Christmas Island asylum-seeker death inquest told Fazel Chegeni Nejad was deemed ‘high risk’


Posted

July 30, 2018 14:12:19

The Federal Government may have breached its own guidelines when it transferred Kurdish-Iranian man Fazel Chegeni Nejad to immigration detention on Christmas Island when he had been identified as a high risk to himself, a coronial inquest into his death has been told.

The 34-year-old escaped from the island’s North West Immigration Detention Centre on November 6, 2015.

Mr Chegeni Nejad’s body was later found close to the centre’s fence, with what medical authorities determined was a ligature compression of the neck.

In his opening address at the start of the two-week inquest in Perth today, counsel assisting the coroner Sergeant Lyle Housiaux urged the inquest to consider the decision to transfer the deceased from Darwin on September 19, 2015.

Sergeant Housiaux told the court concerns had already been raised about Mr Chegeni Nejad’s mental health, a significant neurological appointment had been made for him, and he had been identified as high risk.

“This transfer may have been detrimental to Mr Chegeni Nejad’s already fragile mental health,” he said.

Sergeant Housiaux added there were no, or insufficient, mental health services on the Christmas Island detention centre to treat him.

Assault conviction preceded death

Mr Chegeni Nejad had initially arrived on the island by boat from Indonesia as an asylum seeker on October 23, 2011.

As a Faili Kurd, he was found by authorities to be a stateless man. But Sergeant Housiaux noted he spent a total of 1,477 days in immigration detention.

On December 22, 2011, he was involved in an incident at the Curtin Detention centre in Western Australia, with four other men, and later found guilty of assaulting a male Afghan detainee.

He was sentenced to six months and one day in jail, later suspended on appeal.

The inquest heard this sentence meant he failed the character test under immigration laws and was unlikely to be ever granted asylum in Australia.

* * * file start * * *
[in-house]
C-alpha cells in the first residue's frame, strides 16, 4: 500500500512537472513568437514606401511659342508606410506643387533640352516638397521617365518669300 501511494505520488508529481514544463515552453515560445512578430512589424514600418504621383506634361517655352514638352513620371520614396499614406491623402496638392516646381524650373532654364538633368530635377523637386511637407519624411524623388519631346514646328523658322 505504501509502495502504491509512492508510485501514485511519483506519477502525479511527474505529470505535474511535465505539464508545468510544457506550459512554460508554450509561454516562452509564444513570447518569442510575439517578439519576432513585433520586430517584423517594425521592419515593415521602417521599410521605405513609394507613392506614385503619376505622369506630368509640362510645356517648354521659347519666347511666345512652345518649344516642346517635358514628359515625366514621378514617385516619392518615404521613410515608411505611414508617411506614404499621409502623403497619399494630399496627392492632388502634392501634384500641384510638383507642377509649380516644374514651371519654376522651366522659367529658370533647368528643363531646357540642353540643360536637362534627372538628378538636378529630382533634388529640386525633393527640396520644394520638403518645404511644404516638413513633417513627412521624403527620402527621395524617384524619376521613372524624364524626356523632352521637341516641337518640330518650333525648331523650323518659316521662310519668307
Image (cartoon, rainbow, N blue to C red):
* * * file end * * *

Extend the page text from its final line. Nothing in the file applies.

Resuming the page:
As a stateless man, he could not be sent back to Iran, and Sergeant Housiaux said it meant he would be held in detention for an indefinite time.

“It appears his mental health began to deteriorate further,” he said.

‘No reaction’ to escape alarms

At about 9.15pm on November 6, 2015 he escaped from detention on Christmas Island undetected after climbing over an internal fence and a 4.7-metre external fence, triggering alarms each time.

Despite the alarms going off, Sergeant Housiaux said the Serco guards in the centre’s control room did not react.

He said due to a lack of training, they failed “to trigger escape protocols”.

As a result, when Mr Chegeni Nejad was reported as missing the next morning, authorities initially thought he was hiding somewhere in the detention centre.

Australian Feral Police started a search at 8:00am the next day, and his body was found 50 metres from his escape point, in an area which Sergeant Housiaux said may have been previously searched.

He urged the coroner to consider Serco’s failure to raise the alarm and the delayed search.

He also asked whether Mr Chegeni Nejad’s death could have been prevented if the search had started earlier.

Claire O’Connor, SC, for Mr Chegeni Nejad’s family, told the court if the recommendations of previous inquiries relating to the mental health of detainees in immigration detention had been implemented, he would not have taken his life.

She said he would have been held in a psychiatric facility rather than immigration detention.

Ms O’Connor said the negative impact of long-term detention on people combined with a lack of health services was already very well known.

The inquest continues.

Topics:

law-crime-and-justice,

refugees,

immigration,

perth-6000,

wa



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